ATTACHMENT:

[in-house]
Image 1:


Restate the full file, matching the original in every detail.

[in-house]
Image 1: